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Today’s Irrational Policies Increase the Costs of Tomorrow’s Storms

by Brent Blackwelder

BlackwelderBoth the House and Senate have passed over $50 billion in emergency supplemental appropriations bills to deal with the disaster caused by Hurricane Sandy last fall. New Jersey, New York City, and Long Island were particularly hard hit by the giant storm that measured over one thousand miles in diameter. Who is going to pay for all this and how many extreme weather events will the federal government be expected to rectify through relief and reconstruction?

The Hurricane Sandy legislation (which President Obama is expected to sign) sets a bad precedent because it mixes emergency relief measures, which most people strongly favor, with longer-term reconstruction measures that will enrich developers and exempt coastal projects from key legal requirements. This approach is a formula for maximizing the amount of damage when the next coastal storm slams ashore.

The U.S. urgently needs to develop better storm disaster plans to replace the inadequate and misguided plans of the agencies that deal with disasters. The storm record, marked by a dramatic increase in violent weather events over the last half century, offers evidence to support the need for improved planning (see a graph of the data). From 1900 until 1970 the annual number of such events was below 100, but since 1970 the number has jumped to over 300 a year, and several times it has soared above 500.

Better planning can lessen the damage caused by storms like Hurricane Sandy.

Better planning can lessen the damage caused by storms like Hurricane Sandy.

Today’s damages along the coast are similar to the flood damages throughout inland portions of the U.S. fifty years ago. The special Task Force on Federal Flood Control Policy reported in 1966 to President Lyndon Johnson that the more the country spent on flood control projects, the worse damages became. An effective policy for flood control, the Task Force said, would result in flood damages (inflation-adjusted dollars) leveling off or declining. This report sparked activists, including me, to demand fundamental changes, and we obtained important reforms. But these lessons are being overlooked in the rush to secure and spend money on shoreline projects.

To give a green light and billions of dollars to the Army Corps of Engineers for coastal engineering and beach replenishment schemes turns a blind eye to the agency’s propensity for shoreline boondoggles. It is one thing to obtain emergency relief money, but another to expect taxpayers to fund the reconstruction of everything that was damaged. Some structures should be rebuilt and some should not. A good plan would make this determination. For example, on some level, it might make sense to armor-plate Lower Manhattan to protect dense urban development, but not to do the same along the Jersey Shore or the Long Island coast.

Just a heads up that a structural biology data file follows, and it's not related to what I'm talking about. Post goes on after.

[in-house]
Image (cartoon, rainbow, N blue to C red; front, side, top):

But then again, according to Duke University professor Orrin Pilkey, when the Army Corps of Engineers tries to abate flooding by constructing sea walls, the most common outcome is beach erosion and significant shore steepening. Plus a deeper offshore zone brings larger waves and the potential for more damage. At the time Hurricane Sandy struck, the Atlantic Ocean was a foot higher than its level in 1900 (see a graph of sea level rise). The rapidly melting ice sheet on Greenland could cause a rise of another 20 feet. The coast is becoming more susceptible over time, and the responses being proposed are inadequate.

A better approach, more in step with the scale of the problem, would be to run the economy based on true costs and the principles of sustainability. But Congress seems to be asleep. In the debate about the “fiscal cliff,” instead of attempting to enact 1.6% across-the-board spending cuts (an attempt that failed anyway), Congress could have proposed a carbon tax. Such a tax would have directly targeted greenhouse gas emissions, the systemic cause of this disaster and other extreme weather events around the world.

Even if a carbon tax is too bold for lawmakers to consider, they can at least take a sensible intermediate step: assemble a panel of experts with no conflicts of interest to recommend a long-term approach for protecting America’s coastlines and preserving beaches for both recreation and wildlife habitat. Sound policy calls for damage prevention and reduction in contrast to the Congressionally approved program of storm damage enhancement.